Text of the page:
Review: Photos for OS X is faster than iPhoto but less powerful than Aperture

Photos arrives with OS X 10.10.3, but should you use it? Jeff Carlson unwraps the new app and Apple's iCloud Photo Library feature.

Today's Best Tech Deals

Picked by Macworld's Editors

Top Deals On Great Products

Picked by Techconnect's Editors

1 2 Page 2
Page 2 of 2

You don’t get the same level of editing detail between OS X and iOS versions of Photos, though. When you edit a shot on the Mac, the revised version appears on the iPhone, but editing that same photo on the phone reveals the sliders set back to zero. You can revert to the original version, but not tweak the existing settings.

It doesn’t appear that Photos prioritizes syncing depending on what you’re doing; if I edit a photo while other images are downloading in the background, the edits appear to be at the end (or near the end) of the queue. Again, we’ll have to see how iCloud handles the influx of data, but at this point Apple needs to overcome the performance stigma that is commonly associated with iCloud.

I also often found myself craving more information. Is iCloud syncing stuck? Photos for OS X said I needed more space on my hard disk to store originals, but how much? I get that Apple wants to streamline the experience and not bombard users with numbers and technical details, but the alternative can be a state of anticipatory ennui—something will surely happen soon, but I don’t know when.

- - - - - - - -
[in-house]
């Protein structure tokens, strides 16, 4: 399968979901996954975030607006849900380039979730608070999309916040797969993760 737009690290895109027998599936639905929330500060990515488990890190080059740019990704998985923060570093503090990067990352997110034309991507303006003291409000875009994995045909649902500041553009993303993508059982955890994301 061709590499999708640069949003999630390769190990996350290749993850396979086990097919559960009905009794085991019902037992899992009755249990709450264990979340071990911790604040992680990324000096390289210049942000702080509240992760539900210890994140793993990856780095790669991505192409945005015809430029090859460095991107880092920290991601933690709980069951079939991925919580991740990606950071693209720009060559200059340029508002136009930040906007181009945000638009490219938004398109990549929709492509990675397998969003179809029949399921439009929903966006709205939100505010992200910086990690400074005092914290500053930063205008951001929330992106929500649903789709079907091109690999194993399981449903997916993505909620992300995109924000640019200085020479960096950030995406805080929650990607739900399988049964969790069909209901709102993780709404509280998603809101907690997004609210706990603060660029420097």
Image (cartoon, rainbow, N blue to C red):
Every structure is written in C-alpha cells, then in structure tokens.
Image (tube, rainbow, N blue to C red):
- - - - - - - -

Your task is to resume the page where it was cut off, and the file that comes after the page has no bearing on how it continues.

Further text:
Bottom line: Should you switch?

Photos for OS X is a free update that arrives with OS X Yosemite 10.10.3, so the question isn’t whether to install it or not. Should you use it, or continue with iPhoto or Aperture for the time being?

By necessity, Photos for OS X is an application that arrives with a multitude of compromises. It needs to replace iPhoto for millions of people whose photo libraries are stored in Apple’s default consumer photo application. It also technically replaces Aperture in the sense that Apple will no longer offer that professional app. And it has to also embrace the mobile reality that Apple itself created by making iPhones and iPads camera replacements for so many people.

If you’re coming from iPhoto, Photos is definitely a step up. It’s fast, it has improved editing tools, and even the loss of star ratings can be worked around (though I’d like to see them return).

If you’re a longtime Aperture user, Photos is definitely a step back. Or rather, it’s the clear signal that says it’s time to look for other professional photo pastures. I can’t recommend Photos as a full-time replacement, although I can envision situations where it would work alongside Aperture, such as creating small libraries for sharing with clients who don’t own Aperture (both iPhoto and Aperture can open a library after it’s been converted, but edits don’t sync).

And if you’re new to the Mac, drawn to Apple’s computers after experiencing the iPhone or iPad, Photos for OS X will be immediately familiar, and even improve on your photo experience with better editing tools and iCloud Photo Library syncing.

Note: When you purchase something after clicking links in our articles, we may earn a small commission. Read our affiliate link policy for more details.
At a Glance
  • Photos is a big step up for iPhoto users, with better speed and editing tools. Power users of Aperture will probably want to stay with Aperture or switch to another pro-level app like Lightroom.


    • Fast performance overall.
    • Improved editing tools over iPhoto.
    • Ability to connect to iCloud Photo Library and Apple’s greater photo ecosystem.


    • Not a good option for dedicated Aperture users.
    • iCloud Photo Library sometimes stalled.
    • Hard to know the fault of delays.
    • Some odd choices in user interface (like the floating Info window)
1 2 Page 2
Page 2 of 2
Shop Tech Products at Amazon